What exactly prompted you to establish the think tank?
Although it is still difficult today, three years ago it was impossible to discuss “pan-European” mortgage markets even from a basic organisational perspective. On the primary side, markets were distinctly national, with local champions heavily vested in the differences of their products, processes and practices. On the secondary side, the entire industry – from lobby groups to investment banks to rating agencies – were divided over funding in a way that would inevitably collide.
Few were looking at the complete picture of the overall mortgage value chain, which varies in form but not function throughout the world. When discussed in the context of globalisation, housing finance is an oxymoron since housing is a fundamentally local activity and its funding is increasingly global. The question of which one is more likely to change tends to get people focused on the real issues – and this was urgently missing from existing discussions on both sides of the funding equation.
EuroCatalyst took on the challenge of aggregating key players throughout the value chain, while many trade organisations helped get member participation from national markets. It was a historic collaboration that brought together all of the players from all sectors in all of the markets at one time – for the first time.
What was the reaction from 2002 that is being played out today?
As expected, most on the Structured Finance side at EuroCatalyst 2002 in Madrid didn’t understand what a covered bond was, and those in covered bonds were visibly disgruntled by sessions on securitisation – citing its “insignificance” in the larger picture of European mortgage funding.
Other than mortgage insurers, the rest of the audience along the value chain were intrigued – but puzzled – by the emphasis on the integration of funding tools as the foundation for a pan-European mortgage industry, and there was almost a universal disinterest in the role of servicing.
The event was a steep learning curve for everyone but it broke through the “closed club” atmosphere that prevented the kind of dialogue needed to move markets forward, and everyone recognised that something important had happened. What we see today is a struggle to contain and control the dialogue by those who have been displaced or rendered irrelevant in the wake of change.
How has the context of globalisation changed covered bonds?
The more economies globalise, the more politics and regulation will localise to rationalise the change. While “pure” covered bonds have existed for centuries, capital market innovation renders history nothing more than nostalgia when others have equal access to the same funding tools.
Challenges for covered bonds will come from how they are defined –and more importantly, what’s been left out of that definition; how they are regulated and by whom; how they can be represented through a single platform yet differentiated for investor appeal; and how market making will evolve as the issuer base goes global.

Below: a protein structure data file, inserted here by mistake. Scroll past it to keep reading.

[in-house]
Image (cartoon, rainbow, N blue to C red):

What are the defining characteristics of the winners and losers in this race?
The winners are world-class and the losers are local. World-class are players who focus on their core strength and embrace change by leveraging all knowledge and relationships throughout a continually optimised value chain. The losers will be those who remain local and isolated due to an unwillingness or inability to adapt to change quickly enough.
Why does the future of European lending lie with servicing? Aren’t other factors such as legislation, local practices and customs important?
Because my professional background is in non-performing loans, I will always look at the risk/reward equation more cautiously and regard servicing as the crucial link in portfolio performance. European mortgage markets are only as strong as their servicing because that’s where the majority of costs and problems occur.
Servicing/administration is the bridge between primary and secondary market activities and is the vault where data is ultimately stored. Servicers keep the cumulative record that tracks relevant details about the loan and related collateral that in turn affects the collection of payments. Future growth in European markets will come from more high-risk loans which require greater documentation and surveillance. This will finally bring servicing to the forefront in terms of maximising growth, minimising risk and recovering asset value.
What will it take to get European issuers to improve investor reporting and share portfolio information? Is it enough to allow the market to reward those who share information and punish those who don’t, or should there be a set of voluntary standards that oblige companies to adhere to uniform standards?
Part of the problem of sub-standard investor reporting is the fact that some issuers simply don’t have the required information. Most of their operations have been decentralised – with decisions made in the field and no systems in place to streamline results to a centralised repository. Their staff are narrowly focused on pieces of the process, with no understanding of how the whole process works and no incentive to learn it.
Management lacks the decision-making structure and collaboration of knowledge required to create a workable platform – much less fund its cost. All European markets need new lending platforms to make the leap from legacy to leadership, yet even technology providers are unwilling to fund it without advanced commitment from large clients.
One would hope that issuers voluntarily enter the 21st century and meet the investor reporting standards required by a global marketplace. In lieu of volunteers, regulators and rating agencies should gauge standards to the highest common denominators and not stoop to the lowest no matter how much whining goes on.